In article <4ia9h7$h...@cloner4.netcom.com>, fra...@ix.netcom.com(Frank
Grote) wrote:

> [snip!] ... I would much rather be on my 27 ft Pacific Seacraft Orion


> than on a Catalina 42 blue water cruising for about the same price...
> skipper Claus... Fresh Aire II

How about with 3 teenagers on board? I think there is a lot of difference
in how many people are going to be aboard and just how well they get
along.

Al in Kingston, WA <----- 47 52.78 N / 122 30.84 W
Catalina 27 #4944 out of Bainbridge Island, WA
Building "Al's 26, a Pilothouse Sloop", WB #127

Matt Pedersen

unread,
Mar 16, 1996, 3:00:00 AM3/16/96
to
In article <fishmealD...@netcom.com>, fish...@netcom.com (Paul Kamen) says:
>
>I'd approach the whole question from the other side: What's the *maximum*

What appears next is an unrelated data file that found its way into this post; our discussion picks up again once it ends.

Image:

>displacement that the crew is willing to handle? This, more than any
>other single parameter, is what determines how much work it will be to
>handle the vessel.
>
>When thinking of a few examples, I end up with about 10,000 lb/person.
>But less would be easier, probably as low as 5,000 lb/person is ideal if
>the cruise involves lots of anchoring and coastwise sightseeing between
>the ocean crossings.
>
>Once the displacement is established, I'd get the longest boat that
>doesn't exceed that weight (and I guess I sort of agree with Jeff here).
>Length = comfort and speed. So we end up with an Olson 40 for 2 people,
>and a Santa Cruz 50 for 4.

I'm not so sure that displacement, per se, is the guiding factor.
I lean a little more toward the sail area as being the limiting
factor.

Take a look at the Olson 40 with 700 plus square feet of sail.
There are certainly plenty of boats out there in the 35-40 foot
range with the same or less sail area, and a displacement between
15 and 18000 pounds that would make pretty decent cruisers. These
boats certainly don't need bigger anchors, since the guiding factor
for anchor selection should be windage, and they're all pretty
close in that category. And with the sail area being the same,
there won't be much difference in the work involved there. Ted
Hood, for one, has designed quite a few heavy displacement boats